Here are a couple of things to consider.
When SQL2005 introduced VarChar(max) I encouraged Devs to adopt the new data type immediately and most did. Eventually, we decided to script the column data type change from Text to Varchar(max). We applied the change and about 100 or so columns were changed in a few minutes.
Unfortunately, it turns out that BCP looked at Varchar(max) and Text differently. A couple of weeks later we found that literally dozens of routines had to be reworked to make BCP treat the new data correctly.
I disagree with the prohibition against Float and note that if you decide you must get rid of Float you will also have to handle Real. IMHO, Float/Real are powerful tools that a competent computer scientist must understand and know how/when to use. Like GUIDs, Cursors, and triggers; Float is not inherently bad, but it is often misused, abused, and misunderstood. In fact, IMHO both of the URLs you provide demonstrate that lack of understanding. For example "Decimal/Numeric is Fixed-Precision data type, which means that all the values in the data type reane can be represented exactly with precision and scale. "(sic). This is simply not true. Every number base we commonly use has an infinite number of "irrational" numbers (e.g. in Base 10 - PI, e, 1/3, ...) that cannot be exactly represented regardless of the number of digits one chooses. And these values crop up constantly in our calculations of Area, Volume, Average, Standard Deviation, Amortization, etc.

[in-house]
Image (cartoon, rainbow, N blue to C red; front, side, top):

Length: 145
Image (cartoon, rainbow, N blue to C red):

Check out "What Every Computer Scientist Should Know About Floating-Point Arithmetic "
Don't throw a well designed, well implemented, powerful tool out of your box just because you don't understand how to use it. Take the time to learn its features and own it.